Smac-mimetic compound SM-164 induces radiosensitization in breast cancer cells through activation of caspases and induction of apoptosis
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- Yang, D., Zhao, Y., Li, A.Y. et al. Breast Cancer Res Treat (2012) 133: 189. doi:10.1007/s10549-011-1752-3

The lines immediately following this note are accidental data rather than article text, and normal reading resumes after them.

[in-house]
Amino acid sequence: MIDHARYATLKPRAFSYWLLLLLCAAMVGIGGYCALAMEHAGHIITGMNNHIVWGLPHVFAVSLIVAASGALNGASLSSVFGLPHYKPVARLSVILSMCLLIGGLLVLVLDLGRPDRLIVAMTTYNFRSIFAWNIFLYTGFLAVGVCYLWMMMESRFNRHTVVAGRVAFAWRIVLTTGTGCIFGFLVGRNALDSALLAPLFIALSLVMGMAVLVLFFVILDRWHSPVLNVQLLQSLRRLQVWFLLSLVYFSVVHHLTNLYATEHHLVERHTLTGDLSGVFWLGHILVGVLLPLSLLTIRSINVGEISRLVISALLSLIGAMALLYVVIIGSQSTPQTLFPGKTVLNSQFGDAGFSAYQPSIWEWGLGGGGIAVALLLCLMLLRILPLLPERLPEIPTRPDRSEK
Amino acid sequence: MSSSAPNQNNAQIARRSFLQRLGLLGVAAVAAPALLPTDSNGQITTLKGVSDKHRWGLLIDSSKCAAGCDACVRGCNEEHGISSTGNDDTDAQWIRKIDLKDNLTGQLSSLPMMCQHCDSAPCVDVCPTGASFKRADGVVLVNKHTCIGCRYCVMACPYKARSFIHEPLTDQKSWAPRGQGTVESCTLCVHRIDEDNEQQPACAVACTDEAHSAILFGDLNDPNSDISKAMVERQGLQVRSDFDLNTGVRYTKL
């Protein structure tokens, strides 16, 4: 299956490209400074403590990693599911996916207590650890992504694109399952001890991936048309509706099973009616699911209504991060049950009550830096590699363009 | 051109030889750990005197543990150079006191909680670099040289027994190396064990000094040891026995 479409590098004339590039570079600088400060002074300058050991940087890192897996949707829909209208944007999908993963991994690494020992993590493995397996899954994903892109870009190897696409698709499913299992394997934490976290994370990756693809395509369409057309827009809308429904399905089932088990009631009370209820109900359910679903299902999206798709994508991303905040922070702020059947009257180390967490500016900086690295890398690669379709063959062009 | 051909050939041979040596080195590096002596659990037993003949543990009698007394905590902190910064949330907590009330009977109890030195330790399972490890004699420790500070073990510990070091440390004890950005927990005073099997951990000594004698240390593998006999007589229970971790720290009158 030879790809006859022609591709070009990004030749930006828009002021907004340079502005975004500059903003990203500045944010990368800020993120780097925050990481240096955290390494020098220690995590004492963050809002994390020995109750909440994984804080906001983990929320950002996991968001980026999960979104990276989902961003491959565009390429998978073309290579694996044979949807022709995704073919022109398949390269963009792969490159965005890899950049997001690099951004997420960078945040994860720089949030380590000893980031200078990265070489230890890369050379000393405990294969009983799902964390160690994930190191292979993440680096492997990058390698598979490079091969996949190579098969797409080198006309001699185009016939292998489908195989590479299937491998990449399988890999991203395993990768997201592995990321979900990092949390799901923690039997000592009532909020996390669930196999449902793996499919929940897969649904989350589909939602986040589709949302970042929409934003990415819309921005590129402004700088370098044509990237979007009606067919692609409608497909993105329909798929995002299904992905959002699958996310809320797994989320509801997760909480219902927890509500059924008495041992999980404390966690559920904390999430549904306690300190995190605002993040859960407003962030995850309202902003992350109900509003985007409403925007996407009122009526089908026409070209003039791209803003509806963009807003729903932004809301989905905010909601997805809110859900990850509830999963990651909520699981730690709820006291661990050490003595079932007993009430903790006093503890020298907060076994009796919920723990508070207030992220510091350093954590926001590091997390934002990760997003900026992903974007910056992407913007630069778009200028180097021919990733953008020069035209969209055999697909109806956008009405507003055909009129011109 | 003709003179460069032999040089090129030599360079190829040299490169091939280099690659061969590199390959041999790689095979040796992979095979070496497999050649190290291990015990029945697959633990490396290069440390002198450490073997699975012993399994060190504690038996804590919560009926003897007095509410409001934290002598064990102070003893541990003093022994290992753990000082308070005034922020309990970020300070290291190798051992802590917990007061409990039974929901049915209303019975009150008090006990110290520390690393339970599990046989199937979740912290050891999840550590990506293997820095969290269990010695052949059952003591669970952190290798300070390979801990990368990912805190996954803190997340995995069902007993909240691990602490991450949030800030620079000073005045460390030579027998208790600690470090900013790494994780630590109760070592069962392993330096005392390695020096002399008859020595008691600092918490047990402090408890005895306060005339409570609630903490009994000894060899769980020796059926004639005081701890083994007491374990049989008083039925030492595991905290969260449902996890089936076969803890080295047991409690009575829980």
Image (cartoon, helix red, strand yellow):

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Radiotherapy is a treatment choice for local control of breast cancer, particularly after the removal of tumor tissues by surgery. However, intrinsic radioresistance of cancer cells limits therapeutic efficacy. Here, we determined in breast cancer cells the potential radiosensitizing activity of SM-164, a small molecule compound, that mimics the activity of SMAC, a mitochondrial protein released during apoptosis to activate caspases by inhibiting cellular inhibitor of apoptosis proteins, cIAP-1, and XIAP. We found that SM-164 at nanomolar concentrations promoted degradation of cIAP-1, disrupted the inhibitory binding of XIAP to active caspase-9, and sensitized breast cancer cells to radiation with a sensitization enhancement ratio (SER) of 1.7–1.8. In one line of breast cancer cells resistant to SM-164 as a single agent, SM-164 radiosensitization was mediated by intrinsic apoptosis pathway through activation of caspases-9 and -3. In a line of breast cancer cells sensitive to SM-164 as a single agent, SM-164 radiosensitization was mediated by both extrinsic and intrinsic apoptosis pathways through activation of caspases-9, -8, and -3. Consistently, blockage of caspase activation, through siRNA knockdown or treatment with a pan-caspase inhibitor z-VAD-fmk, inhibited apoptosis and abrogated SM-164 radiosensitization. Our study demonstrates that IAPs are valid radiosensitizing targets in breast cancer cells and SM-164 could be further developed as a novel class of radiosensitizers for the treatment of radioresistant breast cancer.